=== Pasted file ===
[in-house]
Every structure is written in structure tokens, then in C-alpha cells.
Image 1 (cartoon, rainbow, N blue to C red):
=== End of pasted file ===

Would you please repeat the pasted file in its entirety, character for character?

[in-house]
Every structure is written in structure tokens, then in C-alpha cells.
Image 1 (cartoon, rainbow, N blue to C red):